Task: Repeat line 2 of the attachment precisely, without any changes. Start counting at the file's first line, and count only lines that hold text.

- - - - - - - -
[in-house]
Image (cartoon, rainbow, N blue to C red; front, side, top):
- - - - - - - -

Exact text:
Image (cartoon, rainbow, N blue to C red; front, side, top):